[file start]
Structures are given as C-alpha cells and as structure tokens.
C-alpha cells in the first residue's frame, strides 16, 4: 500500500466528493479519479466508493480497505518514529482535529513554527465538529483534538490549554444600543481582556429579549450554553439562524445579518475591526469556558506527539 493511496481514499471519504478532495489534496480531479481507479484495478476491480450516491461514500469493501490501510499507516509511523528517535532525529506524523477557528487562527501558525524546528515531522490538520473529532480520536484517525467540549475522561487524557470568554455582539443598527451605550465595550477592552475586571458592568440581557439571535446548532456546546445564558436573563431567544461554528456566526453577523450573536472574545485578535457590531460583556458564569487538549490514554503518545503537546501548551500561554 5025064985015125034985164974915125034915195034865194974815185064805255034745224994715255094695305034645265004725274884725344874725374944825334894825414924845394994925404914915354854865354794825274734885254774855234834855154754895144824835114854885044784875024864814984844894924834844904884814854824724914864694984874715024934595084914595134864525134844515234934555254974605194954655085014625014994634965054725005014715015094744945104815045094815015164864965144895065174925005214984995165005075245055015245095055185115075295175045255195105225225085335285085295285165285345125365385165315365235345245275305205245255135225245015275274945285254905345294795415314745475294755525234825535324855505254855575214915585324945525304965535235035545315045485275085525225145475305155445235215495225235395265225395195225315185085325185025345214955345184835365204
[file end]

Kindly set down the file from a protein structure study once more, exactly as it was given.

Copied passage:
Structures are given as C-alpha cells and as structure tokens.
C-alpha cells in the first residue's frame, strides 16, 4: 500500500466528493479519479466508493480497505518514529482535529513554527465538529483534538490549554444600543481582556429579549450554553439562524445579518475591526469556558506527539 493511496481514499471519504478532495489534496480531479481507479484495478476491480450516491461514500469493501490501510499507516509511523528517535532525529506524523477557528487562527501558525524546528515531522490538520473529532480520536484517525467540549475522561487524557470568554455582539443598527451605550465595550477592552475586571458592568440581557439571535446548532456546546445564558436573563431567544461554528456566526453577523450573536472574545485578535457590531460583556458564569487538549490514554503518545503537546501548551500561554 5025064985015125034985164974915125034915195034865194974815185064805255034745224994715255094695305034645265004725274884725344874725374944825334894825414924845394994925404914915354854865354794825274734885254774855234834855154754895144824835114854885044784875024864814984844894924834844904884814854824724914864694984874715024934595084914595134864525134844515234934555254974605194954655085014625014994634965054725005014715015094744945104815045094815015164864965144895065174925005214984995165005075245055015245095055185115075295175045255195105225225085335285085295285165285345125365385165315365235345245275305205245255135225245015275274945285254905345294795415314745475294755525234825535324855505254855575214915585324945525304965535235035545315045485275085525225145475305155445235215495225235395265225395195225315185085325185025345214955345184835365204